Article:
From these conversations, myself and Miriam were able to capture the positive and negative experiences from each team. As you can imagine, this generated a lot of post-it notes, and a lot of data! We took over an entire room in our Newcastle office and laid out all the experience maps that we had created. We then looked for common themes and started to group insights together. There were common themes that we expected to find, such as those based in different offices noting different experiences. There was also feedback that we didn’t anticipate - this was mainly team specific - and it was really interesting to hear that separate teams within the same office could have completely different employee experiences.
Step 4 - Communicating findings
After each session we received very positive feedback, with people saying things such as “that felt like therapy!” and “that was amazing, I feel so good about myself now”. This proves that just doing the research in the first place was actually having a positive impact on the employee experience, which felt really good.
The next challenge that we faced was how to communicate our findings. We had so much insight and so many personal stories, and we didn’t want to lose sight of the personal element, or the momentum we had created with the project. The first thing we did was hand over team specific items to our HR Manager, who had been following the process closely. She helped manage specific team feedback and we managed the rest of the information.
This stage was where we changed our process. Our planned approach was that we would book an offsite day with all Team Leads, where we would present back our insights and brainstorm ideas together of how to improve the employee experience. However, as it was such a positive experience doing the research, we decided to take the opposite approach and involve the entire company instead, asking for their ideas and input into how we could improve the experience.
At Orange Bus we host weekly Beers with Ideas events, where at Beer O’Clock we get together as a company - with beer and snacks - to discuss certain topics or ideas. This was the perfect platform for everyone to have their say.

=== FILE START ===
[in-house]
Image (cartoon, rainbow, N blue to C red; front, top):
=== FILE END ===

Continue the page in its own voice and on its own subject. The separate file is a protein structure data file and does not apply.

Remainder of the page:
To ensure we didn’t lose the emotional aspect of the data, and to keep the data anonymised - we decided to tell a story. We created a fictional character named Olivia, which allowed us to take all of the personal information out and create an anonymous platform. Using storyboards we told Olivia’s story, including quotes which summed up what people were feeling at key events along the way. This helped to provide context and added an element of empathy that everyone in the business could relate to.
In the Beers with Ideas session we asked everyone to help improve Olivia’s experience. Using a fictional character made it generic enough for everyone to get involved in the exercise. From discussions about how we could build up on the positives, negate the negatives, or turn negatives into positives, we received an abundance of ideas. We created an experience map for Olivia, and all staff members worked in teams to place post-it notes of ideas onto the story.
Once we gathered all the ideas, we were asked to hold another session as it was so popular. Everyone wanted to contribute their ideas. At that point we prioritised the ideas and the quick wins that we could implement straight away. In the meantime, we have also implemented wider projects to help turn the experience around and make it more positive for all employees.
Step 5 - Taking action
We understand our employee experience is something we need to continually work on. To support the wealth of insight we achieved through discovery, so far we have:
- Ticked off some quick wins which help improve our employee on-boarding experience straight away.
- Created an employee ambassador programme to begin to work through the key themes that surfaced in our research, creating mini projects and changes within the business.
- Commenced significant internal projects around career progression and opportunities within the company.
- Introduced a regular company-wide retrospective to continue to provide a platform for employees to shape and contribute to their experience and ways of working.